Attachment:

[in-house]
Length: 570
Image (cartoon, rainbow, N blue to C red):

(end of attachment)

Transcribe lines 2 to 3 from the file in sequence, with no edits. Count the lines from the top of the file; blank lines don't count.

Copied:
Length: 570
Image (cartoon, rainbow, N blue to C red):